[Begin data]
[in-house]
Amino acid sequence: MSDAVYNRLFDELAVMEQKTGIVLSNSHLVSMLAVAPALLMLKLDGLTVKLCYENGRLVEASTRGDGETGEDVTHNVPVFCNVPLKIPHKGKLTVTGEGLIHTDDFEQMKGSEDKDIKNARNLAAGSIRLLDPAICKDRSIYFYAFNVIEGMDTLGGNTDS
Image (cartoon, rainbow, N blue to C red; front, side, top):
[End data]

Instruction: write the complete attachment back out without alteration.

[in-house]
Amino acid sequence: MSDAVYNRLFDELAVMEQKTGIVLSNSHLVSMLAVAPALLMLKLDGLTVKLCYENGRLVEASTRGDGETGEDVTHNVPVFCNVPLKIPHKGKLTVTGEGLIHTDDFEQMKGSEDKDIKNARNLAAGSIRLLDPAICKDRSIYFYAFNVIEGMDTLGGNTDS
Image (cartoon, rainbow, N blue to C red; front, side, top):